Thus, arrayed in various types of silly headgear and viridian hues, we drove up to St. Albert for a great meal in good company, and someone even had the good sense to smuggle in a flask of Irish Mist as a means of enhancing the after dinner coffee.
But it was never proven who.
Kara-Lynn even had the good fortune to win the doorprize and take home a shamrock and some other goodies.
The dancing was my favourite part though, and Scoil Rince Mahoney brought dancers of all ages. Glory got to do two, the first of which was a soft shoe team dance:
While the second was a hard shoe reel and was a chance for some of the younger performers to join the older girls:
All in all, a wonderful evening!
Sadly, this morning, the cunning leprechauns mocked Glory's trap by way of an unsuspecting but similarly colored third party.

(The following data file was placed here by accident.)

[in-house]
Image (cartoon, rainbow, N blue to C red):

Alas, no gold was to be had, but a grand St. Patrick's Day nonetheless.
Saturday, March 14, 2015
Time seems to congeal, and you see the splash of blood, the stiffening of his body from the impact, the bullet exiting from the center of his back as his mount rears and he plummets ignominiously to the ground.
Emotions race through you, jockeying for position: terror at seeing another man, known to you, fall slain; confusion, wondering who is now in charge; fear, at the prospect that the next .58 caliber minnie ball might have your name on it; and anger and guilt that your commanding officer has been killed before your eyes.
Adrenalin and the primal urge to persevere bubble up out of you in a guttural scream that puts the yipping 'rebel yell' to shame, and you fire your one shot at the cloud of smoke that might well mask the musket that felled your leader, and then raise your bayoneted musket as you, and the rest of your regiment, prepare to charge headlong into the enemy position...
And then, somehow, impossibly, Chamberlain staggers to his feet.